What about other minerals in salt? Sea salt contains only tiny amounts of other minerals, which may add flavor to the salt, but there aren't enough present to add to your daily mineral intake. Table salt often has iodine added to help prevent iodine deficiencies.
Most of your sodium intake comes from processed foods, but if you want to eat less sodium, you can replace table salt or sea salt with herbal seasoning blends (read the labels - some contain salt) and cut down on heavily processed foods, fast foods and salty snacks. You can also buy salt made with potassium rather than sodium.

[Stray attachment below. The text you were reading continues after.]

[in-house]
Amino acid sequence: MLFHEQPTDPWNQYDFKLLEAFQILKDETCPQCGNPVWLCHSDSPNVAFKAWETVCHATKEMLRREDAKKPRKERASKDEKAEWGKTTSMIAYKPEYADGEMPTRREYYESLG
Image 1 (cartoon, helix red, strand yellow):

More About Salt and Sodium
- Why Is There So Much Sodium in Processed Foods?
- How Do I Avoid Sodium?
- Sodium Quiz
- What Happens If I Don't Get Enough Sodium?
American Heart Association. "High Blood Pressure, Factors That Contribute." Accessed January 5, 2010. http://www.americanheart.org/presenter.jhtml?identifier=4650
Harvard School of Public Health. "Tasting Success with Cutting Salt." Accessed January 5, 2010. http://www.hsph.harvard.edu/nutritionsource/salt/tasting-success-with-cutting-salt/index.html.